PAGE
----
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Legal Regime and Business's Organizational Choice: A Comparison of France and the United States

Author

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  • Naomi R. Lamoreaux
  • Jean-Laurent Rosenthal

Abstract

In a recent series of articles, Rafael La Porta, Florencio Lopez-de-Silanes, Andrei Shleifer, and Robert W. Vishny have argued that countries whose legal systems are based on civil law (especially of French origin) have systematically weaker environments for business than those whose legal systems are based on Anglo-American common law. This paper addresses that argument by exploring the responsiveness of French and U.S. law to the needs of business enterprises during the nineteenth century, when both countries were undergoing industrialization. We find that contracting environment in the U.S. was in fact neither freer nor more flexible than that in France during this critical period. Not only did U.S. law offer enterprises a more limited menu of organizational choices, but business people in the U.S. had much less ability to adapt the basic forms to meet their needs than their French counterparts. Nor is there any evidence that American law evolved more readily in response to economic change than French law. In both nations, major changes in the rules governing organizational forms required the passage of new statutes, and governmental institutions do not seem to have worked any more expeditiously in the U.S. than in France to improve the menu of choices. To the contrary, it was not until the late twentieth century that U.S. business obtained much the same degree of contractual freedom that their French counterparts had long taken for granted.

Suggested Citation

  • Naomi R. Lamoreaux & Jean-Laurent Rosenthal, 2004. "Legal Regime and Business's Organizational Choice: A Comparison of France and the United States," NBER Working Papers 10288, National Bureau of Economic Research, Inc.
  • Handle: RePEc:nbr:nberwo:10288
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    References listed on IDEAS

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    1. La Porta, Rafael & Lopez-de-Silanes, Florencio & Shleifer, Andrei & Vishny, Robert, 2000. "Investor protection and corporate governance," Journal of Financial Economics, Elsevier, vol. 58(1-2), pages 3-27.
    2. Juan C. Botero & Simeon Djankov & Rafael La Porta & Florencio Lopez-de-Silanes & Andrei Shleifer, 2004. "The Regulation of Labor," The Quarterly Journal of Economics, Oxford University Press, vol. 119(4), pages 1339-1382.
    3. La Porta, Rafael & Florencio Lopez-de-Silanes & Andrei Shleifer & Robert W. Vishny, 1997. " Legal Determinants of External Finance," Journal of Finance, American Finance Association, vol. 52(3), pages 1131-1150, July.
    4. Berkowitz, Daniel & Pistor, Katharina & Richard, Jean-Francois, 2003. "Economic development, legality, and the transplant effect," European Economic Review, Elsevier, vol. 47(1), pages 165-195, February.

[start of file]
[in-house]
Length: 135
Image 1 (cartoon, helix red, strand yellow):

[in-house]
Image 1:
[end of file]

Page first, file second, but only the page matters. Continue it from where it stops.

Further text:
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    Citations

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    Cited by:

    1. Marco Pagano & Paolo F. Volpin, 2005. "The Political Economy of Corporate Governance," American Economic Review, American Economic Association, vol. 95(4), pages 1005-1030, September.
    2. Marco Pagano & Paolo Volpin, 2005. "Shareholder Protection, Stock Market Development, and Politics," CSEF Working Papers 149, Centre for Studies in Economics and Finance (CSEF), University of Naples, Italy.
    3. Jianqing Ruan & Xiaobo Zhang, 2009. "Finance and Cluster-Based Industrial Development in China," Economic Development and Cultural Change, University of Chicago Press, vol. 58(1), pages 143-164, October.
    4. John Joseph Wallis, 2006. "The Concept of Systematic Corruption in American History," NBER Chapters,in: Corruption and Reform: Lessons from America's Economic History, pages 23-62 National Bureau of Economic Research, Inc.
    5. Bordo, Michael D. & Rousseau, Peter L., 2006. "Legal-political factors and the historical evolution of the finance-growth link," European Review of Economic History, Cambridge University Press, vol. 10(03), pages 421-444, December.
    6. Leonardo Felli & Alessandro Riboni & Luca Anderlini, 2007. "Statute Law or Case Law?," 2007 Meeting Papers 952, Society for Economic Dynamics.
    7. John Joseph Wallis, 2004. "The Concept of Systematic Corruption in American Political and Economic History," NBER Working Papers 10952, National Bureau of Economic Research, Inc.
    8. David Kessler & Peter Temin, 2007. "The organization of the grain trade in the early Roman Empire," Economic History Review, Economic History Society, vol. 60(2), pages 313-332, May.
    9. John Joseph Wallis, 2004. "Constitutions, Corporations, and Corruption: American States and Constitutional Change," NBER Working Papers 10451, National Bureau of Economic Research, Inc.
    10. Fogel, Kathy & Morck, Randall & Yeung, Bernard, 2008. "Big business stability and economic growth: Is what's good for General Motors good for America?," Journal of Financial Economics, Elsevier, vol. 89(1), pages 83-108, July.
    11. Douglass C. North & John Joseph Wallis & Barry R. Weingast, 2006. "A Conceptual Framework for Interpreting Recorded Human History," NBER Working Papers 12795, National Bureau of Economic Research, Inc.

    More about this item

    JEL classification:

    • K2 - Law and Economics - - Regulation and Business Law
    • N4 - Economic History - - Government, War, Law, International Relations, and Regulation

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